One of the major projects that we’ve undertaken in the house is to fix broken plaster where we can. The walls of our century-old home are made of lath and plaster. We knew that we wanted to keep as much of it as possible, which seems to be the atypical route.
Getting rid of lath and plaster means that you have an essentially blank slate to put any wiring, duct work and in insulation before dry-walling the walls. Especially when older plaster is in bad repair, it seems to make even more sense. Nevertheless: We decided that we wanted to try to fix it where we could, and resign ourselves to trashing it where we could not (we’ve actually saved the lathe for a future project).
Tearing down plaster is actually an awful process: It is very messy, extremely heavy, and altogether unpleasant. The worst part, though, is that I really like plaster. I read a lot about some of the benefits of plaster (it absorbs sound better than drywall, for example, and it’s a lot more resilient to damage, too), and moreover, the idea of tearing it down without trying just didn’t sit well with me.
So here is how we went about fixing damaged plaster!*
- Drill and 3/16″ masonry bit
- Caulking gun and concrete adhesive of your choice (we used LePage® PL® Premium Construction Adhesive)
- Drywall screws and “down cup” plaster washers
- A Phillip’s head screwdriver
Step 1: Stabilizing the plaster
Cracks in plaster occur when plaster falls away from the lath, and so the first step is to secure the plaster to the lath. A crowd favourite is an American product called Big Wally’s Plaster Magic, which came to fame largely through their appearance on This Old House. Popular opinion is that they are really and truly awesome. However, the fact that it wasn’t readily available to purchase in Canada as well as the shipping fees and wait time had us wondering: Is there an alternative to Big Wally’s Plaster Magic that we can find closer to home? After a lot of reading, we found out that a number of people had done experiments of their own using every kind of construction adhesive they could get their hands on to stand in for Big Wally’s. And this is an experiment that you can do for yourself! Get a few tubes of construction adhesive, some random chunks of discarded lath and plaster from your home, and see if you can find a winner.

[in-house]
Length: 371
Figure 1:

Drill holes running about 2″ away from the crack on either side, and 2″ between the holes. For good measure, we drilled another set of holes 2″ away from those holes (i.e. 4″ from the crack) and 4 ” apart to help secure the plaster if it had fallen away from the wall further from the crack itself. If you miss the lath, simply mark that hole to avoid it later.
Remove debris by vacuuming each of the holes with a Shop-vac, or spraying the holes with compressed air.
Use your caulking gun to put construction adhesive into each hole. You’ll know you’ve put in enough when it starts to spill out of the hole. Use a putty knife to wipe up any extra glue.
Bring the plaster into mechanical contact with the lath by using your drywall screws, “down cup” plaster washers, and a drill. Start by stabilizing the wall further from the crack, and work your way in. We made additional holes instead of using the one with glue in them.
Wait at least 48 hours to ensure it is set and then remove the washers. When you remove the “down cup” plaster washers, you’ll know the plaster has re-attached because there will be no more bounce in the plaster when you apply light pressure.
Step 2: Repairing the surface cracks in the walls
Apply drywall tape on any surface cracks in the plaster; not only will it greatly help you achieve a smooth wall surface, but it will also help further reinforce the damaged wall.
Apply a messy layer of the joint compound. The first layer doesn’t have to be pretty, though you want to try to get it as smooth as possible.
Continue to apply and lightly sand when it is try until you achieve a smooth surface. It may be handy to have a damp sponge on hand; it can be a big help to smooth the joint compound.
I am not a professional, and so I’ll definitely update this post in a few months to let you know how this type of plaster repair has aged. Please do your own research before undertaking this project, and make sure to choose your products wisely! This project is not for the faint of heart: One room has taken as nearly a month of weekends to fix. Mind you, the plaster damage was relatively extensive. However, if I could do it over again I definitely would. I am so glad that my old plaster walls are getting a face lift.